On Friday, Ethiopia’s government declared a state of emergency following days of clashes in the Amhara region between the military and local Fano militiamen.
Fighting that erupted across Ethiopia’s second-largest region earlier this week has quickly become a security crisis. Amhara’s regional government on Thursday requested additional help from federal authorities to reimpose order.
The statement by Prime Minister Abiy Ahmed’s office announcing the state of emergency did not say whether it applied only in Amhara or across the country.
“It was found necessary to declare a state of emergency as it had become difficult to control this outrageous activity based on the regular legal system,” the statement said.
This declaration gives the state the power to ban public gatherings, make arrests without warrants, and to impose curfews.
Fano, a part-time militia with no formal command structure, was a key ally of the military (ENDF) during a two-year civil war in the neighboring Tigray region that ended last November, but the relationship has soured over recent efforts by federal authorities to weaken regional paramilitary groups.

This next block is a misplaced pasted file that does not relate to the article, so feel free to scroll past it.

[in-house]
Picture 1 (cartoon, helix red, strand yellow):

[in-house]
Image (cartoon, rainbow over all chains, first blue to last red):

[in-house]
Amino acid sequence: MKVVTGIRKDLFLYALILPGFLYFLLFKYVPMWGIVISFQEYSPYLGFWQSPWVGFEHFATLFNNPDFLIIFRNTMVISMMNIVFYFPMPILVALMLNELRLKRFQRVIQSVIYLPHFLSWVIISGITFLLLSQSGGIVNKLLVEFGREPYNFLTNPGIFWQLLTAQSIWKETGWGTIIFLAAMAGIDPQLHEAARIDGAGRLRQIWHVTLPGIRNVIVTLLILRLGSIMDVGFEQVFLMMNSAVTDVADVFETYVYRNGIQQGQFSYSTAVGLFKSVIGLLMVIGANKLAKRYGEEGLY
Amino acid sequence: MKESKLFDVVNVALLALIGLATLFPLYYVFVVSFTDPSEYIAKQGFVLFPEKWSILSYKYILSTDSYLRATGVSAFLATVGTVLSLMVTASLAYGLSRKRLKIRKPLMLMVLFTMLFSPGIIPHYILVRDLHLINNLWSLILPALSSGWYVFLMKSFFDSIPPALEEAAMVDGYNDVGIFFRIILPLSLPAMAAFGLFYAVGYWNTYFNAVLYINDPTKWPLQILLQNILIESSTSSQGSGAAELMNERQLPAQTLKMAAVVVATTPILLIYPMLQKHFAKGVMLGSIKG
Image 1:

Speaking on Friday, two residents of Amhara’s second-biggest city, Gondar, said that intense fighting took place the previous day near the university.
“ENDF first controlled the university, but they were pushed back by Fano. They were trying to advance to the center of the city, but they couldn’t,” said one resident.
The other, a local official, said the military had pulled back from the university but did not say why. Both asked not to be named for security reasons.
A Fano member, also speaking on condition of anonymity, said the militiamen were trying to encircle Amhara’s capital Bahir Dar. He said they had captured Merawi, a town 30 km south of Bahir Dar. Reuters could not independently confirm his claims. An ENDF spokesperson did not immediately respond to a request for comment.
According to residents, mobile internet remained down in the region. Ethiopian Airlines had canceled flights to three of the four airports it flies to in Amhara, an airline spokesperson said.
Violent protests erupted across Amhara in April after Abiy ordered that security forces from Ethiopia’s 11 regions be integrated into the police or national army.
Protesters noted that the order was meant to weaken Amhara and would leave it vulnerable to attacks from neighbouring regions. The federal government denied this and said the objective was ensuring national unity.